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Dis Mon. 1998 Aug;44(8):370-99.

Part II. Evidence-based medicine: a passing fancy or the future of primary care?

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Department of Medicine, Cook County Hospital, Rush-Presbyterian-St. Luke's Medical Center, Rush Medical College, Chicago, Illinois, USA.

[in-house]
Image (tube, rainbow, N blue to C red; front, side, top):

Reliable experimental evidence provides a firm scientific foundation for only a minority of the clinical decisions primary care practitioners must make each day. Thus clinicians' experience and judgment must complement and supplement their knowledge of published research studies. This presents a dynamic and difficult challenge to the practitioner--one that is magnified when combined with the never ending influx of medical information, with patients' and physicians' uneasiness with clinical uncertainty, and with new external pressures to standardize care. With these factors in mind, this article will review evidence-based medicine, a process and philosophy for the practice and teaching of clinical medicine that has sparked much controversy in recent years. Clinical scenarios commonly encountered in adult primary care--acute low back pain, hypertension, and screening for vascular disease--illustrate some strengths and limitations of evidence-based medicine.

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